The time it takes for all the comments to appear on screen is four minutes and three seconds, which is the interval between Reactor 4 exploding and the fire brigade arriving at the power station, the fire crews fighting to douse the flames without protection. This video was released at 21:23:04 UTC on 25th of April, thirty five years after the explosion whose devastating effects continue.
Text copyright © Svetlana Alexievich, 1997, 2013 Translation copyright © Anna Gunin and Arch Tait, 2016
I used a somewhat similar approach to text on screen was used in one of my films with Chiara Caterina "Il Vertice" and in two films with Rupert Cox, "The Cave Mouth and the Giant Voice" (2015), and "Zawawa" (2018). Some of this approach to captions and subtitles was explored in a 2014 Points of Listening event and had live versions in presentations for the Iklectik launch of Salome Voegelin's "Political Possibility of Sound" (2019) and the OTO night "Animal Sounds" (2019).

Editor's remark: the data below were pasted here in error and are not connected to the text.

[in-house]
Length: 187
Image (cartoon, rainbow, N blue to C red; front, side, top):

This mixed media contribution investigates the multiple modes of inscription possible within a practice-based investigation of the Sonic Anthropocene. Drawing upon critical contexts from Geology, Geography and Anthropology, and the relations between writing, bodies and earthly matters, the authors suggest a re-writing occurs in mediated acts such as field recording (phonography). Microphonic translations from the field not only re-inscribe sites, plural; they
Delighted that "Sound arts now" is published, this is my third collaboration with Cathy Lane is available through uniformbooks. All information here. Cover photo is of Elsa M'bala and was taken by Simone Gilges.
My chapter "Dropping Down Low: Online Soundmaps, Critique, Genealogies, Alternatives" has been published in the Bloomsbury Handbook of Sonic Methodologies, edited by Michael Bull and Marcel Cobussen. Here are the concluding paragraphs: